It is common for cyclists to feel the burn after a long ride or even a short one depending on the intensity. Muscle soreness, general fatigue and mounting pain are part and parcel of being a cyclist but putting the right recovery strategies into place can help alleviate the pain and in the long run, improve your cycling performance in general. One of the most effective ways of keeping muscles in the best possible condition and to avoid damage and strain, is to look at your nutritional plan.
Scientists have been aware of how effective protein can be for muscle recovery for decades but it seems like it’s only recently reached the public eye. Whilst you may choose a protein rich meal because it’s good for your diet, it is also good for repairing and protecting your muscles.
Following up from our five top tips on cycling nutrition blog this one looks more closely at the power of protein when cycle training.
Protein for Cyclists
Protein is essential for cyclists because it is packed with amino acids and these are used to help muscle repair and keep muscle loss to a minimum. Cycling is an endurance sport and this type of activity pushes your muscles to their limits and a high protein level will help your body sustain the energy levels you need to succeed when cycle training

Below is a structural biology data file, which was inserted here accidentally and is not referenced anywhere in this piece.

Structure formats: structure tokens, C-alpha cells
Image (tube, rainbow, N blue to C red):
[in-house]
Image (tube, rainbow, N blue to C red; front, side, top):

The best time to take in protein as a cyclist is either during or immediately after a cycle training session, as your body will be craving this additional energy boost and your muscles will be looking for help to repair. Popular amongst professionals and enthusiastic amateurs is the dairy derivative whey protein which immediately sets to work on your muscles and aids your recovery as soon as it is digested. Whey protein can be enjoyed in a shake or a cereal-type bar. If you’re looking to up your immediate protein intake after a ride and don’t want to use supplements consider pumpkin seeds, mixed nuts or hard boiled eggs, all portable and add that instant protein into your system.
How much Protein?
If you want the protein you’re ingesting to have an impact on your muscle recovery you need to be having approximately 20 to 25g post-ride. To put this into perspective, experts recommend a rider weighing around 11 stone should try and keep their protein intake at 80 to 100g per day which is why so many people opt for supplements and shakes, at 100g of protein is akin to 3-4 average sized chicken breasts. However, it is important to remember that too much protein is as risky as not enough as it can suppress your appetite and make you feel like you’re bloated and uncomfortable when riding.
Every enthusiastic cyclist wants to be able to keep going and remain on the roads for as long as possible but without proper recovery there is a much higher chance of injury and lengthy recuperation time.